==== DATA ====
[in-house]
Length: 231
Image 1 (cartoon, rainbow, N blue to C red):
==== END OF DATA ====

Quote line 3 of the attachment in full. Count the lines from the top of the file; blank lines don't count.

Image 1 (cartoon, rainbow, N blue to C red):